Spoiled much of his real usefulness by hanging back but showed real ability from time to time.

This quote comes from the explorer Sir Ranulph Fiennes’s 1957 school report. Specifically, from the section related to his school ‘football career’. The quote and hundreds more like it, come from a small book from which I’ve shamelessly borrowed the title for this week’s blog. This book, published in 2002, sits on the windowsill in our downstairs bathroom but the layer of dust on top of it suggests it hasn’t been read for a while. That said, the idea of “could do better” - coupled with the idea that physical education spoils much of its usefulness by hanging back but shows real ability from time to time – spoke loudly about both the focus of this week’s paper and the bulk of 400+ papers that I’ve explored for this blog. Physical education has potential, but all too frequently fails to deliver on the ambitious outcomes that are set for it.

The headline figures I took form this week’s paper was that less than 38% of the 506 pupils involved in the study reported that “physical education did stimulate them to engage in sports activities out of school.” Given the importance of lifelong physical activity (LLPA) as a desirable outcome of physical education (as reported in last week’s blog) this figure seems worryingly low. Add to that figure the finding that more than 27% of participants felt that “physical education did not stimulate them to engage in sports activities out of school” and we have a subject (in those schools involved in the study) that, at best, “shows real ability from time to time.”

While we shouldn’t generalise beyond the context(s) in which the study was completed, I’m left to wonder what the teachers and departments involved might have done with that information. What would you do if you found that your approach, your curriculum and pedagogy was tagged by 37.6% of participants as a stimulus for out of school sport activity? Would you rejoice? Or would you find ways of redefining physical education in your school to reach the 35.4% who were indifferent to its impact? And/or would you radically change in order to address the needs of the 27.1% who stated that they didn’t see physical education as a stimulus for out of school sport activity? 

There are, of course, many other take homes from this paper but those come in the next section. For me, and as I’ve discussed in each blog since I started focusing my writing on this new series for beginning teachers, this is not an isolated piece of research. The connections that emanate from each tell a story of the need to change our subject. Talking yesterday in my weekly PEPRN chat with students and colleagues we reflected on the distance yet to travel in pedagogical development. Students asked how they might go about closing the gap they saw between their aspiration for PE and the classroom realities they saw. Between the hope for a subject that invites a desire to be physical outside of school and throughout each student’s life to the reality of team games and skills and drills. The answer I gave was slowly and carefully – across a career and perhaps beyond. But each and every one of us is responsible for that change and, as Kerner and colleagues show, there are some steps we could take today to start that change. I read a quote recently that said, “in a year’s time you’ll wish you made the change today” and this seems doubly true when we are talking about the future of the students in our care.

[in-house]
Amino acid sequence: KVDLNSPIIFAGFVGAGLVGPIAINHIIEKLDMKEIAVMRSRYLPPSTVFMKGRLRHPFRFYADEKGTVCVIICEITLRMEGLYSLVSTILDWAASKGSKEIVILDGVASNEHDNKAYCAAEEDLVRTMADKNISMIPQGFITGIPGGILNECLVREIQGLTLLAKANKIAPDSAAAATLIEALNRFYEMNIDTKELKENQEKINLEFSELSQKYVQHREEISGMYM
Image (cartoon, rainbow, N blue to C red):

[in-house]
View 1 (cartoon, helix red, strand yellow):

The Paper

Kerner and colleagues argue that we know a lot about the health benefits of moderate-to-vigorous physical activity and yet we also know that the majority of children and adolescents do not meet international recommendations. They remind us that sports participation peaks between the ages of 11 and 13 and that the biggest decline in physical activity levels occurs between the ages of 14 and 16. Finally they show that while physical education has been positioned as a key factor in obesity prevention and healthy lifestyles little, if anything, is known about how “young people experiences of body satisfaction during physical education relate to the sport promoting role of physical education.”  

Drawing on the field of body satisfaction and physical activity participation, Kerner and colleagues highlight the evidence, all be it limited in volume, that “boys and girls categorised as having low body satisfaction engage in less activity and spend more time in sedentary pursuits compared to those categorised as having high body satisfaction.” Given the relationship between body satisfaction and physical activity and given the desire among physical educationists to promote LLPA it seems apt to explore the impact of body satisfaction on the outcomes of physical education.